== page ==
Lebanese authorities are failing to protect the rights to health and life of the country’s population amid the current crisis that prevents patients from purchasing or accessing essential medicines, Amnesty International said today.
Since the subsidies were lifted in November, drug prices in Lebanon have quadrupled compared to 2019, when the economic crisis began, and drugs remain in dire shortage. Although it has known for at least a year that the removal of subsidies may become necessary, the government has not put in place a social protection plan to ensure continued access to essential medicines. Amnesty International spoke to 13 pharmacists, doctors, hospital managers and patients with chronic diseases and others who regularly said that even when they were successful in obtaining funds, they regularly had difficulty obtaining essential medicines.
âSince 2019, the Lebanese people have been affected by a series of crises and today they find themselves in a health crisis created by the government. Removing drug subsidies without ensuring that a social protection framework is in place to guarantee their access to essential drugs is an act of profound recklessness, âsaid Lynn Maalouf, Amnesty International’s deputy regional director for the Middle East. East and North Africa.
âThe government’s inaction in the face of the drug crisis is inexcusable. The government has not met since mid-October at a time when it should rush to put in place urgent measures to deal with the drug crisis and its impact on the population. These could include the reintroduction of targeted essential medicines subsidies and working with pharmaceutical companies and international donors to ensure a reliable supply of essential medicines. “
Lifting subsidies on medicines without ensuring that there is a social protection framework to guarantee their access to essential medicines is an act of deep recklessness.
Lynn Maalouf, Amnesty International
On November 9, after months of statements by the Central Bank (BDL) announcing its inability to provide the US dollars needed to support the subsidy program that covers up to 95% of drug use in Lebanon, the government announced that it lifted price subsidies on most drugs. This led to a further rise in the price of essential medicines, even as shortages continued. While this decision was quite predictable since the BDL had warned it for months, the government did not accompany the removal of subsidies with a social protection plan that would allow people to access essential drugs. A government payment card program, which began registration on December 1, is not expected to issue payments until March 2022, and it is still unclear how the government plans to fund the program.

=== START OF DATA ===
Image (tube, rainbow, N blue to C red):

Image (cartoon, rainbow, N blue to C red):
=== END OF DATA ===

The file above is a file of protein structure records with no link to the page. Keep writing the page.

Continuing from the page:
Residents saw their drug bills increase exponentially after the November decision, according to pharmacists and patients interviewed by Amnesty International. As a result, at least 70% of the population today cannot afford the drugs still available, according to Assem Araji, chairman of the parliamentary health committee.
Pharmacies began reporting a shortage of many essential drugs from June 2020. Several hospitals, including Rafic Hariri University Hospital (RHUH), Tripoli Government Hospital and Al-Makassed General Hospital, told Amnesty International that they could only function thanks to limited foreign donations.
The BDL, drug importers and the Ministry of Public Health (MoPH) blamed the shortage on the smuggling of subsidized products, storage and accumulation of chronic drugs and delays in processing import requests. Yet the government has taken little action to overcome these obstacles. In June, BDL largely stopped providing dollars to banks to extend lines of credit to importers of infant formula and drugs, saying it could no longer afford to draw on its reserves, and in November the Ministry of Health announced the lifting of subsidies on pharmaceuticals for chronic diseases. , while subsidies on drugs used in cancer treatment, dialysis and mental illness management would remain in place. Yet even maintaining the subsidies on these categories of drugs, patients and hospitals are struggling to find them on the market.
Drugs unavailable or unaffordable